Oromia was now off limits and interviews already scheduled with government ministers about the drought were now canceled.

In Ethiopia, “Security,” the National Intelligence Service, appears to hold the biggest sway, enforcers for a government hell bent on controlling the flow of public information and the images it sends out to the world.

Internet service was shut down throughout the country in the period just before we arrived, presumably to muzzle social media and to prevent protest images from being exported, a virtually impossible task in this day and age. Nevertheless, footage of the protests were broadcast and distributed.

Given that weeks of careful planning (to say nothing of the hefty travel costs) were wiped out by the whims of a paranoid security apparatus, it’s unlikely we’ll be able to return and tell this important story any time soon.


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DW: Ethiopian anti-government protests set to continue. #OromoProtests August 18, 2016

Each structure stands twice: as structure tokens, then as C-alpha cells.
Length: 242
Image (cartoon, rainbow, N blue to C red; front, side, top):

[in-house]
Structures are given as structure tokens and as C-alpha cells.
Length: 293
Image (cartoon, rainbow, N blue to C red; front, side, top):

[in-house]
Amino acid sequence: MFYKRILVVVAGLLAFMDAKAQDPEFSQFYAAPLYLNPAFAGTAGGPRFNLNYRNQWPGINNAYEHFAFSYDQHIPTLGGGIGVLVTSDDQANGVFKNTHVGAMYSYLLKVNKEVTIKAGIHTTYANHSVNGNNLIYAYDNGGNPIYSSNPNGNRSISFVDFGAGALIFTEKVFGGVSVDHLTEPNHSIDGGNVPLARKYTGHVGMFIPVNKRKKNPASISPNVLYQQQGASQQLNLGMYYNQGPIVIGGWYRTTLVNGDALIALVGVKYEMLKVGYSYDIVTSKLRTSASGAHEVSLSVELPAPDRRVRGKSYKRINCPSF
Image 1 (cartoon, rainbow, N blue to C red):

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#OromoProtests against the Ethiopian regime fascist tyranny. Join the peaceful movement for justice, democracy, development and freedom of Oromo and other oppressed people in Ethiopia#OromoProtests, #GrandOromiaProtests, 6 August 2016, all over Oromia. Dhaadannoo. p4#OromoProtests iconic picture


Ethiopian anti-government protests set to continue


DW, 18 August 2016


Since November 2015, Ethiopia has been experiencing a wave of anti-government protests unleashed by fears by the Oromo people that the government was planning to seize their land. Hundreds of people have been killed.